As chairman of the Elton John AIDS Foundation, David Furnish is doing all he can to see that his son one day lives in an AIDS-free world. Earlier this week the activist and filmmaker delivered a keynote speech at the United States Conference on AIDS in Chicago, discussing the Greater Than AIDS initiative, of which the Elton John AIDS Foundation is a founding partner. Amid the weeklong conference, Furnish found time to speak with The Advocate about the importance of the campaign, what motivated him to fight this disease, and what he'd like to see in the future.
The Advocate: What led The Elton John AIDS Foundation to cofound Greater Than AIDS? David Furnish: Just the opportunity to partner with many wonderful people, like the Kaiser Foundation, Walgreens, Johnson Publishing, and Ebony magazine. We saw it as an opportunity to dive straight in and address the biggest issues that we see affecting people: understanding and knowing about their HIV status, and the stigma associated with that. Walgreens now has in 450 of their pharmacies within African-American and gay communities across America the opportunity to go in and get on-the-spot HIV testing with counseling and medication counseling. We're finding, despite the fact that we've been living with this disease for 30 years, that the greatest challenge we're facing is stigma. The biggest hurdle we have to overcome -- and that's why we went with the Greater Than AIDS awareness campaign -- is getting people to overcome their fear and their inhibitions so they can go into safe, easy environments and learn their HIV status as soon -- and as privately -- as possible so they can act accordingly.
How important are events like the USCA? What do you hope comes out of it? It's very important because I think there is a younger generation of people and a lot of minority communities that basically hit the [information] snooze button on the alarm clock -- the alarm clock that I heard very strongly when I was a gay man coming to terms with my sexuality and dealing with HIV in the '80s. Those alarm bells were ringing very, very loudly. But it's fallen off the agenda. People aren't writing about AIDS as much anymore. I get very frustrated every time I pick up a newspaper on World AIDS Day and find the story buried on page 26, if it's covered at all. In most major cities, one in five gay men are infected, but 50% of them don't know it. The message clearly isn't getting out there.
What would you like to say to the younger generation? I would say, if you're in a situation to prevent yourself from contracting any disease, you should do so. [Which means] wearing a condom if you're in a nonexclusive relationship or in an exclusive relationship where you don't know the status of your partner. Prevention is still very important. But if you don't know your status, the important thing is to get tested. Because a lot of young gay men think, Oh, I'm not vulnerable -- it's the older generation of gay men that were affected by this disease. They're wrong. That's where we're seeing the growth. So they do need to take precautions.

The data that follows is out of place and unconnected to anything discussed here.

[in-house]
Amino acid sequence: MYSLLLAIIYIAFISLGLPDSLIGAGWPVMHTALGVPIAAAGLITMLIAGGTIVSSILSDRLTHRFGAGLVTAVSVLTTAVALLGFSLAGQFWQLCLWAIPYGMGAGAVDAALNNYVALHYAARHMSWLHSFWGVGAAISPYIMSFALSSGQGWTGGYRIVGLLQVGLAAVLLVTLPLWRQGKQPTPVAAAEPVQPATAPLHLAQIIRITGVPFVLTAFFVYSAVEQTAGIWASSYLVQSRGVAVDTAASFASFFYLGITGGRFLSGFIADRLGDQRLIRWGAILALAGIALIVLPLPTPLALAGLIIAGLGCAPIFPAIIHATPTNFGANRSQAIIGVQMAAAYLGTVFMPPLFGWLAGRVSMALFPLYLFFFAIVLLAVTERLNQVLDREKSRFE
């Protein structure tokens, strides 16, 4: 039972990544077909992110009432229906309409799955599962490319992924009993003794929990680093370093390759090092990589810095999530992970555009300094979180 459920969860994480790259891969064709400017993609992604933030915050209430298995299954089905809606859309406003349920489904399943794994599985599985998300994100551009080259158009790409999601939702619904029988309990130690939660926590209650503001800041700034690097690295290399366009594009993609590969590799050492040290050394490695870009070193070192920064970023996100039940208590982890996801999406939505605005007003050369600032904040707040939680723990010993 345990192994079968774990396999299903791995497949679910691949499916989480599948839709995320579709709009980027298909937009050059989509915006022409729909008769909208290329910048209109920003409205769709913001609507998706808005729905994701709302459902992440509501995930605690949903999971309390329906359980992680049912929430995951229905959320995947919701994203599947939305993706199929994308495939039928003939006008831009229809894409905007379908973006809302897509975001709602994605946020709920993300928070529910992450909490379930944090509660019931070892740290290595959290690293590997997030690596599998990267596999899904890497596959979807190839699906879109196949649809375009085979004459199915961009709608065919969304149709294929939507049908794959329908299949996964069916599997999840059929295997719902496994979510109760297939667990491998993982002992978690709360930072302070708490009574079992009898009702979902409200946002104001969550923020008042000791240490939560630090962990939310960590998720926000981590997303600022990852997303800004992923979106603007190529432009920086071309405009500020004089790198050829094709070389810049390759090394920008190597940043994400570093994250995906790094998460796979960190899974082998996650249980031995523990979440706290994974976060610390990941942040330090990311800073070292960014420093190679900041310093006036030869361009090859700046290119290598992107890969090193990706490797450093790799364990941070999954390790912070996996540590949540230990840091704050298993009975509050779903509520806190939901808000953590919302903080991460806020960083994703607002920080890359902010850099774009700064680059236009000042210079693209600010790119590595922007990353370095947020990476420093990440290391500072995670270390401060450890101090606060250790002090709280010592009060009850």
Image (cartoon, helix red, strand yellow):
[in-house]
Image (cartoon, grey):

What brought you personally to the fight against HIV and AIDS? I lost many, many friends in the '80s. And I watched them die very solitary, stigmatized deaths. The first friend I knew who died from HIV, his family never had a chance to come and say goodbye to him because he was too embarrassed to tell them he was battling HIV and AIDS. I think that's very, very sad, and I found his loss profoundly moving. And I lost many friends after that. This is a disease that has killed 30 million people, and 37 million people on our planet are living with this virus. It's a pandemic. Having been personally affected by it, I feel it's important to get involved as much as possible.
What are some of the main hurdles you'd like to see overcome? I would like to see homophobia addressed a whole lot more on a national level. And on a local level I think the government can continue to do more in terms of a policy direction. I think this ridiculous ongoing debate about gay marriage is outdated and we just need to deal with it once and for all. And I think we need on a national level to ensure we have equality for all gays, lesbians, and transgender people across America, and I'd like to see, hand in hand with that, people feeling much less stigmatized about knowing their HIV status and living positively with AIDS. I'd really like to see all of those things swept away so that HIV is something people talk about like many other medical conditions we face in life. What about scientifically? Listen, I'd love to see a cure. I'd love to see a vaccine. There's lots of promising research out there, but it still hasn't happened yet. But with the tools we already have, the weapons we have at our disposal, we've come a long way. Treatment is almost coming down to the point where it equals prevention. When you talk about a 96% reduction in viral load and a 96% reduction in passing the virus on to another person, that's a huge step. I hope we keep making greater steps in that direction.
You're a new dad. How did becoming a father motivate the work you do? I said in my speech this morning I would like to see my son in his lifetime live in a world without AIDS. And whether we discover a vaccine or a cure, if we can address stigma and homophobia, we can stop the disease from being spread to other people. And since we know with the programs we're doing around the world that we can prevent mother-to-child transmission in HIV-positive mothers, we can literally visualize an AIDS-free next generation -- and my son is going to be a part of that. That's a dream that I really hope will become a reality. And I believe it can become a reality. Learn more about Greater Than AIDS here.